Review: ‘Unruly Places’ is a guide to weird, ruined and wonderful spots
I’ve been to only three of the “unruly places” featured in Alastair Bonnett’s terrific new book (the City of the Dead in Cairo, the “Time Landscape” in Manhattan, and International Airspace). If that seems a low number, bear in mind that other locations include Pripyat, the town adjacent to Chernobyl; Hobyo, a “feral city” in Somalia run by pirates; the Labyrinth, a series of tunnels under Minneapolis; and a traffic island in Newcastle, Britain.
“Unruly Places” consists of 47 short chapters, each concentrating on a specific location. Bonnett himself has certainly not been to all of them because some exist only temporarily or, in certain cases, not at all.
A professor of social geography at Newcastle University (convenient for that traffic island), Bonnett is a psycho-geographer and a self-described “topophile,” or lover of place. The more curious the place, the greater his love.
However, as he explains in his introduction, he hasn’t chosen the locations in the book because they’re simply “outlandish or spectacular” but because they have the power to “make the world seem a stranger place where discovery and adventure are possible, both nearby and far away.”
And so we’re taken on an awe-inspiring world tour of ruined cities, lost cities, forbidden zones, no-man’s lands, islands made of trash or pumice, islands that appear and disappear. But Bonnett isn’t above investigating more humble places such as Parking Lot E at LAX, or the Hog’s Back Lay-By in Surrey, Britain, a favorite meeting spot for couples seeking sexual adventures with strangers.
Inevitably there’s a “believe it or not” quality to much of this, but it’s backed up by sharp cultural and political analysis. I was surprised to learn, for example, that 95% of the buildings in Mecca have been demolished and replaced in the last two decades. However, this is not done in the name of modernity but of religious dominance. Bonnett tells us that the fabric of the old city showed that Islam had historically been practiced there in a variety of forms. The current Saudi dynasty, having embraced the more puritanical dogmas of Wahhabism, decided that evidence of earlier variations had to be physically erased.
Or consider the Bedouin tribes of the Negev desert whose homes are regularly demolished by Israeli bulldozers, only to be rebuilt by the Bedouins when the demolition crew leaves. The village of Twayil Abu Karwal has been demolished and rebuilt at least 25 times. Bonnett quotes Ilan Yeshurun, a local director of the Israel Land Authority, who justifies the demolitions by saying, “This is not a village. It doesn’t exist on any map.”
Compare and contrast with Sandy Island, which had been appearing on maps since 1872 off the coast of Queensland on the basis of various unreliable or wishful sightings and was only finally declared not to exist in 2012 by an Australian survey team. But here’s a curious thing: Until that year it also appeared on Google maps. We tend to think that because modern maps rely on photographic, satellite and computer imagery that the data is unmediated. But no, the Google cartographers believed the received wisdom and placed Sandy Island on the map because they genuinely thought it was there, just like the most analog, old-school mapmakers.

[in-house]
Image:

Some of us might like to believe that the world is shaped by careful planning and good intentions. Bonnett is here to tell us that it’s more often shaped by greed, vanity, folly and what often looks like madness.
The North Koreans, for instance, built Kijong-Dong, a.k.a. Peace Village, at the southern end of the country. By most accounts it’s a “fake” place, where literally the lights are on but nobody’s home. Nobody lives there, the buildings are shells, and yet every evening the lights come on so that when seen from South Korea it gives the impression that things are thriving and prosperous just across the border. The South Koreans saw through this some time ago.
Sometimes the madness looks more like pure evil, as in the case of Agdam, a casualty of the conflict between Azerbaijan and Armenia. It was the scene of tens of thousands of deaths and many atrocities until it was abandoned, then systematically blown apart in 1993, so that according to Bonnett it now looks like “a nuclear bomb had just exploded (there).”
Bonnett is more than an armchair traveler, but his information is as likely to come from maps and libraries as it is from primary research. Sometimes this is understandable: a daytrip to Agdam isn’t an option, but there were times when I wished he was a little more intrepid. He sets foot on that Newcastle traffic island but gets spooked after five minutes and leaves, concluding that “this particular island … cannot be imaginatively reclaimed.” He visits the “Archeological Park of Sicilian Incompletion,” a place of unfinished grand building projects, and recounts, “After I visited a few of the chosen remnants they all started to look the same and I gave up.”
In general, however, Bonnett is an excellent guide and literary companion. He wears his learning and his prejudices lightly, leaving the reader to join the geopolitical dots. He succeeds in making the strange familiar and the familiar strange, fully justifying his conclusion that “ordinary places are also extraordinary places; the exotic can be around the corner or right under our feet.”
Nicholson is the author of many books, most recently the novel “The City Under the Skin.”
Lost Spaces, Secret Cities, and Other Inscrutable Geographies
Houghton Mifflin Harcourt: 253 pp., $25
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